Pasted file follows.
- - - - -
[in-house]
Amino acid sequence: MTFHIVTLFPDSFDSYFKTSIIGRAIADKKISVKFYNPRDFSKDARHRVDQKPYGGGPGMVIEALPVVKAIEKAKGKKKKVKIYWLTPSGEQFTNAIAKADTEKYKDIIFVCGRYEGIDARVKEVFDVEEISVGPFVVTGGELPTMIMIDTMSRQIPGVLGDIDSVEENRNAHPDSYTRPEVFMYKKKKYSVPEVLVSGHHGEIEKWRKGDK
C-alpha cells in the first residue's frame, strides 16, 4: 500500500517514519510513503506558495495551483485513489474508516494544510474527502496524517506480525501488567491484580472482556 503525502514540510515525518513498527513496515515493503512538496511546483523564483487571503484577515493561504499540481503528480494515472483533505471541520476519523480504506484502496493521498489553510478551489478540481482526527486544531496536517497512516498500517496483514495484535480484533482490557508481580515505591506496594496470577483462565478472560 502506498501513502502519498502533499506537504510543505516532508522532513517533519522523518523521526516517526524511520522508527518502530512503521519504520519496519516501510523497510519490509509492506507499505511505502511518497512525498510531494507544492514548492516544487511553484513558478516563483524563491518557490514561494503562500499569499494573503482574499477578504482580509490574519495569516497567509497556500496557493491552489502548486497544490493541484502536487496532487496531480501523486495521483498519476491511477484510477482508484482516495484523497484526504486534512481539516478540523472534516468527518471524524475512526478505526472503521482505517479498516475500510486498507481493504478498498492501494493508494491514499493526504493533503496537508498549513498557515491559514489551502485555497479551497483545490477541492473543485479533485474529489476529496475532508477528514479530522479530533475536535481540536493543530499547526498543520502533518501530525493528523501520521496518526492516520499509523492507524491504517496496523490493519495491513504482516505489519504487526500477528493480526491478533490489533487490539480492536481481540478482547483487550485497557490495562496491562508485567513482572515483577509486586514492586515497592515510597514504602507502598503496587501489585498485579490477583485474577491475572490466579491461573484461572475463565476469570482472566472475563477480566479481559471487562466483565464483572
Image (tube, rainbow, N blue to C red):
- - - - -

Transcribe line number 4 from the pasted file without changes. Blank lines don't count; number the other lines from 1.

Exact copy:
Image (tube, rainbow, N blue to C red):